June 23, 2018 at 6:55 pm PST | by Troy Masters
Bomb threat disrupts Gay Men’s Chorus of LA performance

The moment the opening of the show was interrupted to announce the bomb threat. (Photo by Mike Pingel)

Just as the star of Gay Men’s Chorus of Los Angeles was being introduced to the crowd of more than 700 on Saturday afternoon at Glendale’s Alex Theater, the curtain began to lower and stagehands raced to push performers behind it.

A visibly confused Leslie Jordan fell silent as did the entire 300 member cast on stage.

Then this.

“Please find the nearest exit, ladies and gentleman.  Please find the nearest exit and leave the building. This is not a test, this is an actual emergency. Please leave the building calmly.”

Patrons exiting after warning. (Photo by Troy Masters)

Stunned audience members, at first unsure what to do, looked around in shock as it began to dawn on them that something had gone very wrong.

But what was it? Everyone was left to wonder.

As people calmly exited to Brand Avenue, one man said:  “Maybe someone didn’t like Jonathan’s speech about Trump and the border crisis.” An elderly woman being pushed out in her wheelchair asked, “Why are we leaving?”  There was a sense of orderly confusion.

Executive Director Jonathan Weedman told the Los Angeles Blade, “someone called in a bomb threat just before the show began, apparently, and police told us just seconds before we announced it.”

Hundreds of people streamed into the streets, awaiting word on return, but the performance was cancelled.

“Out of an abundance of caution, the theater has been evacuated,” a post on the GMCLA’s Facebook page said. “In our near 40 year history we do not believe this has happened until today. Everyone is safe. WE WILL NOT BE DETERRED.”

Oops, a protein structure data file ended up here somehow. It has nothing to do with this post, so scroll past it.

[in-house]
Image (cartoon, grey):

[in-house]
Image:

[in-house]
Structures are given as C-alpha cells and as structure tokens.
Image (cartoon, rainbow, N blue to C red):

Milling about on the sidewalks of Brand Avenue, audience members soon realized the afternoon show would not resume. “Yeah, we’re going to have a show tonight. Come on back, bring your tickets.  We’d love for you to come,” repeated Weedman to passersby.

Many people were left speculating on what may have happened. But one man offered a story that was repeated by several people.

“We saw a very suspicious man in his late 20 come out of the theater, skinny, I would say 5’10 or 5’11” wearing a white T-shirt, black jeans.  He stood there in front of that restaurant, staring at the whole crowd then went down the street and stared again. Then security came out and he left,” said Mark Jackson, a volunteer with the chorus.

“I told the cops about this and they said, ‘No, he came from inside the theater’ but to me he looked like someone who was enjoying the chaos he created; he looked not healthy, he looked weird,” said Jackson.

Calls to Glendale Police Department have so far been unreturned.

“We will do a forensic on this and will get to the bottom of it, I can assure you,” demanded Weedman.

John Jude Duran, Mayor of West Hollywood and GMCLA’s Chairman of the Board said it was “the first bomb threat of a GMCLA event, and the first bomb threat at Alex theater.”

Leslie Jordan was undeterred.  “I am going to take my Uber home and get some rest. I’ll be back to do the next show and then again tomorrow,” he said.

And the 8:00 PM show was indeed stunning.

The 8:00 PM Show went perfectly. (Photo by Jeff Olde)

Jeff Olde, a longtime supporter of Gay Men’s Chorus, and his husband Alan Uphold said “Being forced to leave the theater only strengthened the absolute resolve of those in attendance to return for the 8pm show, and it was packed, resilient, joyful and determined. GMCLA handled it beautifully and perfectly. ‘The show must and WILL go on’ was the message. And rightly so. We will not be silenced. They put on a fantastic, wonderful show that made everyone in that room proud to be there. THIS is who we are”

“The evening was amazing. FABULOUS, a lot of fun and emotion,” said Kathryn Davis of the TransChorus of Los Angeles.

Christian Anaya, a Glendale resident said it was a heartwarming, positive connection. It was what we need right now in this day and age.

“M,” a chorus volunteer said it (Pink Carpet) brought queer history to the present beautifully.” They added,  “It was an amazingly supportive audience.”

This is a developing story, please check back for updates.

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